I began with the idea of writing our adventures, but that soon changed as the characters developed minds of their own. It soon became apparent that I couldn’t tell their entire story in one book, so I ended Lone Wolf on a cliff hanger and began book two, Shakazhan. This book is currently in the editing phase. There are now five books completed in the series with a sixth under construction. I’ve also written a companion novel and several short stories and have started on a second prequel.

From sci-fi, you branched out to writing romance. That’s a long branch! Can you tell us more?

Not quite as long a branch as you might think. All my stories have romantic elements. Lone Wolf is as much a love story as it is an adventure. I like a combination of romance and crime. I feel like that makes for a juicy conflict and the opportunity for there to be a really classic villain. I do love a good villain, or at least an interesting obstacle for my characters to overcome.

You’ve written HOW many novels, HOW many short stories, and HOW many unfinished works?

Shocked you there, huh? (Breathe, Molly) I once jokingly told my publisher, Mike Simpson of Second Wind Publishing, that I could single handedly keep him in novels for the next ten years. I don’t think he believed me. Besides Indian Summer and the Lone Wolf series, I have a sequel for Indian Summer in the works. I also have 29 finished novels, 9 complete short stories and 51 unfinished novels or short stories (this final number grows daily.)

How do you write your books? Are you a meticulous plotter, a brief outliner, or do you let the story write itself?

I love that you asked this question. I have a very off the cuff sort of cavalier style. Some would say chaotic. I don’t outline anything. I begin with a sentence or idea that gets stuck in my head and I write until the characters are done telling their story. Sometimes, I have an idea where the story is going, but mostly I haven’t a clue until it’s told.

With Indian Summer, I intended for Gabriella to end up with the Indian fellow, Sailfish. I intended for Manuel to be abusive to the point of driving her away. I intended another character to be minor and a possible secondary love interest.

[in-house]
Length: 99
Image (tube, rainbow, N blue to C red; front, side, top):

As it turned out, Gabriella refused to fall in love with anyone but Manuel. She became dear friends with Sailfish, who fell deeply in love with her. The minor character became the villain. I didn’t intend any of that.

In addition to writing, you host two Blog Talk Radio shows each month. Please, tell us more.

Every second Monday at 4:00 PM Eastern, I host “Dellani’s Tea Time”. I talk to authors and illustrators of children’s books. Then every fourth Wednesday at 1:00 PM, I host “What’s Write for Me”. On this show, I talk to authors of adult books.

We talk about their approach to writing, their current books, backgrounds and whatever else comes to mind. I also have them read excerpts of their books on the air. The show is a lot of fun (some would say it was chaotic too – but in a very upbeat way).

What else do you do in your very interesting life that I haven’t yet asked you about?

Someone asked me once what I would be doing if I weren’t writing. I had to think hard about that. I’d probably be reading. I love to read. I’m always looking for new books. I’ve begun doing reviews for other authors. I figure if I’m going to read the books, I should share my opinion with others.

I belong to a small writer’s group at the local Council on Aging. I treasure this group. I’ve met some amazingly creative and interesting people through them.